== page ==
DTCI award recipients named

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During its 2012 Annual Meeting Nov. 15-16, the DTCI will recognize the outstanding defense lawyers of 2012.

Louis Voelker, a partner in the Hammond office of Eichhorn & Eichhorn, has been named the recipient of the 2012 DTCI Defense Lawyer of the Year award. The Defense Lawyer of the Year award is presented to a licensed lawyer who, in the opinion of the Awards Committee, as approved by the Board of Directors, has promoted the interests of the Indiana Defense Bar since the last annual meeting of the DTCI in a most significant way in the fields of litigation, legislation, publication or participation in local, state or national defense organizations. Mr. Voelker has tried and won three medical malpractice cases and has achieved several appellate victories in the last 12 months.

The DTCI will also install as Diplomats of the Indiana Defense Trial Counsel two members of the Indiana bar who, in the judgment of the officers and directors of the Defense Trial Counsel of Indiana, have distinguished themselves throughout their careers through outstanding contributions to the representation of clients in the defense of litigation matters. The 2012 recipients are Richard Mullineaux, partner in the Indianapolis firm of Kightlinger & Gray, and Randall Riggs, partner in the Indianapolis office of Frost Brown Todd.

The DTCI Outstanding Young Lawyer award is presented to a member of the Defense Trial Counsel, less than 35 years old, who has shown leadership qualities in service to the Indiana defense bar, the national defense bar or the community. The 2012 recipient is Mallory R. Inselberg, an associate in the Indianapolis office of Eichhorn & Eichhorn, who was cited for her successful trial work in several medical malpractice cases.•


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  1. This is ridiculous. Most JDs not practicing law don't know squat to justify calling themselves a lawyer. Maybe they should try visiting the inside of a courtroom before they go around calling themselves lawyers. This kind of promotional BS just increases the volume of people with JDs that are underqualified thereby dragging all the rest of us down likewise.

  2. I think it is safe to say that those Hoosier's with the most confidence in the Indiana judicial system are those Hoosier's who have never had the displeasure of dealing with the Hoosier court system.

  3. I have an open CHINS case I failed a urine screen I have since got clean completed IOP classes now in after care passed home inspection my x sister in law has my children I still don't even have unsupervised when I have been clean for over 4 months my x sister wants to keep the lids for good n has my case working with her I just discovered n have proof that at one of my hearing dcs case worker stated in court to the judge that a screen was dirty which caused me not to have unsupervised this was at the beginning two weeks after my initial screen I thought the weed could have still been in my system was upset because they were suppose to check levels n see if it was going down since this was only a few weeks after initial instead they said dirty I recently requested all of my screens from redwood because I take prescriptions that will show up n I was having my doctor look at levels to verify that matched what I was prescripted because dcs case worker accused me of abuseing when I got my screens I found out that screen I took that dcs case worker stated in court to judge that caused me to not get granted unsupervised was actually negative what can I do about this this is a serious issue saying a parent failed a screen in court to judge when they didn't please advise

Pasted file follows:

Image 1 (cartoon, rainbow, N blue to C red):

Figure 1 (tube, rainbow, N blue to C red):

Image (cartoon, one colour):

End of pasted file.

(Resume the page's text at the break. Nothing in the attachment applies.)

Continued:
4. I have a degree at law, recent MS in regulatory studies. Licensed in KS, admitted b4 S& 7th circuit, but not to Indiana bar due to political correctness. Blacklisted, nearly unemployable due to hostile state action. Big Idea: Headwinds can overcome, esp for those not within the contours of the bell curve, the Lego Movie happiness set forth above. That said, even without the blacklisting for holding ideas unacceptable to the Glorious State, I think the idea presented above that a law degree open many vistas other than being a galley slave to elitist lawyers is pretty much laughable. (Did the law professors of Indiana pay for this to be published?)

  5. Joe, you might want to do some reading on the fate of Hoosier whistleblowers before you get your expectations raised up.